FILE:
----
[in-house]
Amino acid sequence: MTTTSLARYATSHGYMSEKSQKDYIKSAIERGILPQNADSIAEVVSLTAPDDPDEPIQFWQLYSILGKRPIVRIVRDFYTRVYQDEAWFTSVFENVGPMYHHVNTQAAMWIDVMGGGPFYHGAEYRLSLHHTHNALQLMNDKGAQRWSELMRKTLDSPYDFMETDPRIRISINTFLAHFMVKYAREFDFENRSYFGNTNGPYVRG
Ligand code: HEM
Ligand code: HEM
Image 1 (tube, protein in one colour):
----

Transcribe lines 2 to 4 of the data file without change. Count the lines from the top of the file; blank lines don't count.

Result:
Amino acid sequence: MTTTSLARYATSHGYMSEKSQKDYIKSAIERGILPQNADSIAEVVSLTAPDDPDEPIQFWQLYSILGKRPIVRIVRDFYTRVYQDEAWFTSVFENVGPMYHHVNTQAAMWIDVMGGGPFYHGAEYRLSLHHTHNALQLMNDKGAQRWSELMRKTLDSPYDFMETDPRIRISINTFLAHFMVKYAREFDFENRSYFGNTNGPYVRG
Ligand code: HEM
Ligand code: HEM